Now that it has been officially announced that amateur photographers in all parts of the country can carry and use their cameras without let or hindrance, except for subjects in the list of prohibited items (which list is given on the next page) there is endless work for the camera out of doors during the bright days of the year.

If you want to photograph any of the following subjects you can do so without restriction, and these are the subjects of which you can, and will, make pictures for yourself and for competitions and exhibitions.


  • Babies and Children.
  • Portrait and Figure Studies, Out-of-Doors.
  • Trees, Landscapes and Cloud Studies.
  • Farmyard Subjects, Ploughing and Harvesting pictures.
  • Street Scenes in Town and Country, and Market pictures.
  • Local Industries and Local Characters.
  • Cottages and Gardens and Street-corner snaps.
  • Wild Flowers, Fungi, Birds and Hedgerow studies.
  • River Scenes, Fishing and Water Sports, and River Picnics.
  • All Games played in the open.
  • Animals on the Farm, at the Zoos, and Domestic Animals at home.
  • Portrait Groups in the Garden, Garden Games and Garden Work.
  • Portraits Indoors, Indoor Hobbies and 'candid' camera studies.
  • Hiking, Cycling and Picnic pictures.
  • Seascapes, Beach Scenes, Bathing Belles, Cliffs, Rocks and Waves.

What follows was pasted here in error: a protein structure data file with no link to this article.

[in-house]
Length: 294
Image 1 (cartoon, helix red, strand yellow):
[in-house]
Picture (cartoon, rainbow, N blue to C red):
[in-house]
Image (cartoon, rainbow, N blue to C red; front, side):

• Moorland and Mountain studies and Climbing pictures. Lakeland and Broads subjects.
  • Sailing Craft at Regattas.
  • Streams and Waterfalls.
  • Churches, Cathedrals, Old Houses and Historic Buildings.
  • Architectural Subjects of non-war interest.

Carry your camera openly and in the unlikely event of your being questioned show this card and ask "How am I contravening the regulations?" You will find that this should satisfy the most vigilant police officer.

When visiting any new locality a local dealer will give you information regarding any restrictions that may apply to the district as there may possibly be certain areas in which photography is prohibited. Read the list of prohibited Items which Is given on the back page. It will be noted that it contains nothing which the amateur will want to photograph in wartime, or at any other time. There is, therefore, no hardship in avoiding these subjects. Carry on then and let your motto be